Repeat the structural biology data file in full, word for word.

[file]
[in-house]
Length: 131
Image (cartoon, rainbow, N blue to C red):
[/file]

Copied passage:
[in-house]
Length: 131
Image (cartoon, rainbow, N blue to C red):